No matter how fast moving we can be on these policies, they may not come soon enough for many families in Wales. Citizens Advice Bureau say that council tax is one of the bills that people struggle with most. At this point last year, an estimated 3.5 million people were behind with their council tax in the UK. When budgets are due to be stretched to cover increasing energy bills, arrears on council tax will not get resolved any quicker.

It’s for this reason Plaid Cymru put forward a motion last month to begin talks with local authorities on debt bonfires for those with council tax arrears. It is not right that public bodies should be driving people into more debt. That’s why Plaid Cymru has also called on Welsh Government to look at introducing a duty onto public bodies to prevent debt.

For Wales, many of the economic levers are held by the Tory Westminster Government. In England, it’s all of them. So with the greatest responsibility on the shoulders of Boris Johnson and his government, what moves have we seen from them?

Sadly, at the start of October 2021, he did not heed the calls of my colleague Liz Saville Roberts MP, who implored him to find his social conscience and stop the £20 a week cut to Universal Credit.

Without that £20 uplift, benefits for the unemployed were at their lowest real-terms level since the early 1990s. Had Universal Credit grown in line with GDP per capita since 1990, it would actually be £40 a week higher. While the £20 extra was intended only as a temporary uplift during the pandemic, the truth is that actually, it didn’t go far enough. Not only was the cut the biggest overnight reduction of benefits in the history of the welfare state, it could prove to be a step too far for many.

Boris Johnson’s government says that work is the answer to poverty, but as my colleague Hywel Williams MP pointed out this week in the Opposition Debate in the House of Commons, 40 per cent of Welsh households claiming universal credit are already in work, and many are key workers.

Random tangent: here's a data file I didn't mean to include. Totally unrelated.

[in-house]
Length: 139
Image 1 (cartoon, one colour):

For these households – many of them very hard working – evidence given to the Welsh Parliament’s Equality and Social Justice Committee showed that a quarter already had to cut back on clothing, heating and food at the start of 2021. The situation is expected to be worse now in 2022.

In the nine months since being elected, I have heard enough reviews to last a lifetime. People need help now. The purpose of the Welsh Parliament, and the purpose of the Members of that Senedd has to be to protect the people of Wales from the worst cruelties of the current Westminster Government.

The biggest sticking point for Wales is that we do not control all the economic levers, and I believe that a truly socialist Government would have no choice but to pursue the devolution of welfare as a matter of urgency to tackle poverty in Wales.

I know that through the Co-operation Agreement there is much we can do to start to transform our nation. And on all other matters, I will continue to push the Welsh Government in the fight against everything that this cost of living catastrophe will wreak on us.